16. 16. Semantic Web • The Semantic Web is not a separate web but an extension of the current one, in which information is given well-defined meaning, better enabling computers and people to work in cooperation. (Berners-Lee, Hendler, et al.) 14-Aug-13 16 Source:
  17. 17. The Semantic Network 14-Aug-13 17Source:
  18. 18. Levels of Semantics 14-Aug-13 18 Source:
  19. 19. The Semantic Web Layer Cake 14-Aug-13 19 Source:
  20. 20. Universal Resource Identifier(URI) • A URI is a string or sequence of characters which is used to represent and provide identification to a web resource. • Such unique identification ensures access and interaction with representations of a web resource over a network, typically the World Wide Web. 14-Aug-13 20
  21. 21. • The URL identifies the location from where a Web page can be retrieved. • The URN urn:isbn:3-549-35469-6 identifies a book using its ISBN • The ISBN system for uniquely identifying books provides a typical example of the use of URNs. • URNs and URLs have complementary purposes. 14-Aug-13 21 Source:
  22. 22. Unicode Unicode provides a unique number for every character, no matter what the platform, no matter what the program, no matter what the language. 14-Aug-13 22Source: Source:
  23. 23. XML • A globally accepted standard for data interchange on Web. • Does not communicate the meaning of the data, but is highly helpful for syntactic interoperability and integration. • Through XML the semantics of a particular domain cannot be recognized as XML primarily aims at structured and syntactic representation of data. 14-Aug-13 23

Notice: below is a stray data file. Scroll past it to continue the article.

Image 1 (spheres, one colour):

24. 24. 14-Aug-13 24 Source:
  25. 25. • RDF is a metadata representation language that allows resources to be described through relationships to other resources and literals. • RDF uses XML and is at the base of the semantic web. • The main modelling block in RDF is the statement – a triple <Subject, Predicate, Object>, where: Subject is the resource, which is being described. Predicate is a resource, which determines the type of the relationship. Object is a resource or a literal, which represents the value of the attribute. 14-Aug-13 25
  26. 26. Graphical Representation of a RDF statement (subject, predicate, object) Creator Resource Property Type Property Value Resource 14-Aug-13 26 irShivaramPhotography Sudhir Shivaram
  27. 27. RDF Schema • RDF schema provides a way of building a object model from which the actual data is referenced and which tells us what things really mean. • RDFS allows users to define resources with classes, properties and values. • This allows resources to be defined as instances of classes, and subclasses of classes. 14-Aug-13 27Source: